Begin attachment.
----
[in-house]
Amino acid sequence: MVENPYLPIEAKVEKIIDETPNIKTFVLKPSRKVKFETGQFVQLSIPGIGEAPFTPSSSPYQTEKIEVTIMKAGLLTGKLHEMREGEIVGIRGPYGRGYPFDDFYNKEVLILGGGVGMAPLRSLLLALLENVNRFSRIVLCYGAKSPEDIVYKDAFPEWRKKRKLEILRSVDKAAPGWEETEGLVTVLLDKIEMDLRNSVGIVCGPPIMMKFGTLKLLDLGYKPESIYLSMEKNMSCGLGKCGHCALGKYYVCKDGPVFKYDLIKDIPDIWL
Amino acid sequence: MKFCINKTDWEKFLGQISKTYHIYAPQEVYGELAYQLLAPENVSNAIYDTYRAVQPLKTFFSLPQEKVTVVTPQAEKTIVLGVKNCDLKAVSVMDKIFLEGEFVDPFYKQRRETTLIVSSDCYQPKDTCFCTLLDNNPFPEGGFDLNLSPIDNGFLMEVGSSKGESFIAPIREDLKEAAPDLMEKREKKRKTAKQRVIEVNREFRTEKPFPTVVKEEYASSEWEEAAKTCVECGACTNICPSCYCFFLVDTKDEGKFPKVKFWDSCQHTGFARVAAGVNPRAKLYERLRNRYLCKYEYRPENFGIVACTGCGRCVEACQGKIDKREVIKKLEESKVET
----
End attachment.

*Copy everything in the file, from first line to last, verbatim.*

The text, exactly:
[in-house]
Amino acid sequence: MVENPYLPIEAKVEKIIDETPNIKTFVLKPSRKVKFETGQFVQLSIPGIGEAPFTPSSSPYQTEKIEVTIMKAGLLTGKLHEMREGEIVGIRGPYGRGYPFDDFYNKEVLILGGGVGMAPLRSLLLALLENVNRFSRIVLCYGAKSPEDIVYKDAFPEWRKKRKLEILRSVDKAAPGWEETEGLVTVLLDKIEMDLRNSVGIVCGPPIMMKFGTLKLLDLGYKPESIYLSMEKNMSCGLGKCGHCALGKYYVCKDGPVFKYDLIKDIPDIWL
Amino acid sequence: MKFCINKTDWEKFLGQISKTYHIYAPQEVYGELAYQLLAPENVSNAIYDTYRAVQPLKTFFSLPQEKVTVVTPQAEKTIVLGVKNCDLKAVSVMDKIFLEGEFVDPFYKQRRETTLIVSSDCYQPKDTCFCTLLDNNPFPEGGFDLNLSPIDNGFLMEVGSSKGESFIAPIREDLKEAAPDLMEKREKKRKTAKQRVIEVNREFRTEKPFPTVVKEEYASSEWEEAAKTCVECGACTNICPSCYCFFLVDTKDEGKFPKVKFWDSCQHTGFARVAAGVNPRAKLYERLRNRYLCKYEYRPENFGIVACTGCGRCVEACQGKIDKREVIKKLEESKVET